Did Halleck have any redeeming qualities?

wausaubob

Lt. Colonel
Joined
Apr 4, 2017
Location
Denver, CO
When General Halleck was called to capital, both Grant and Rosecrans won major battles. Halleck contended the rail transfer of troops from the east to Bridgeport would take weeks. It took 12 days, with equipment following. If Halleck was playing devil's advocate, he should have clarified his remarks.
He was a great lawyer and effective politician. But as a general he was usually in the way.
 

Ole Miss

Captain
Forum Host
Silver Patron
Regtl. Staff Shiloh 2020
Joined
Dec 9, 2017
Location
North Mississippi
Halleck is an acquired taste and I don't have it in my heart to be a fan. He was a glory stealing sycophant who would like the skin off someone who could advance his career. He removed Grant from command of the Army of the Tennessee a then took a month to advance 20 miles to capture Corinth. He was sad excuse as a military leader.
Regards
David
 

damYankee

1st Lieutenant
Joined
Aug 12, 2011
Halleck would have been happy to allow the war to go on until hell froze up. His constant interference with Grants command, his backstabbing of Sherman, his pathetic advance on Corinth, hi interception of and changing of Grants orders to Meade and other generals was over the top, he may as well been on the enemies payroll.
His behavior speaks for itself,
 

rbasin

2nd Lieutenant
Joined
Jan 31, 2013
Location
Tampa, Fl
Halleck would have been happy to allow the war to go on until hell froze up. His constant interference with Grants command, his backstabbing of Sherman, his pathetic advance on Corinth, hi interception of and changing of Grants orders to Meade and other generals was over the top, he may as well been on the enemies payroll.
His behavior speaks for itself,
None of that is right.
 

RedRover

Corporal
Joined
Dec 16, 2019
Frank B. Morse's "Portrait Gallery of the War" (1865) looks rather at the bright side...

1631620537192.png

1631620558988.png


For his part, General McClellan was less kind in his narrative... "McClellan's own story..."

1631621079257.png

1631621119813.png

1631621180767.png


the Mine case between Stanton and Halleck was the Almaden quicksilver mine in California, which Halleck managed in the 1850s, besides his law firm.... Stanton represented claims that the land grant for the mine was fraudulent....
 

jackt62

Captain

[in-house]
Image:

Joined
Jul 28, 2015
Location
New York City
Halleck's major failing was his refusal or inability to make command decisions when he served as General-in-Chief from July 1862 to March 1864 (when superceded by Grant). Halleck's belief was that individual field commanders on the spot were the only ones who could or should be responsible for deciding on military actions. While there may be a certain logic to that approach, the position of General-in-Chief was such as to require an overall leader to guide and judge the merits of field operations on a national basis. This is the task that Grant willingly took on and was an important factor in the Union's ultimate victory. Halleck, for all his theoretical knowledge or warfare, was incapable of rising to a level higher than that of chief administrator.
 

rbasin

2nd Lieutenant
Joined
Jan 31, 2013
Location
Tampa, Fl
Halleck's major failing was his refusal or inability to make command decisions when he served as General-in-Chief from July 1862 to March 1864 (when superceded by Grant). Halleck's belief was that individual field commanders on the spot were the only ones who could or should be responsible for deciding on military actions. While there may be a certain logic to that approach, the position of General-in-Chief was such as to require an overall leader to guide and judge the merits of field operations on a national basis. This is the task that Grant willingly took on and was an important factor in the Union's ultimate victory. Halleck, for all his theoretical knowledge or warfare, was incapable of rising to a level higher than that of chief administrator.
A task that Grant failed at. He had no control over the far west, couldn't or wouldn't see what Thomas was working with, failed in the valley with Sigel and Fremont. Not to mention Butler.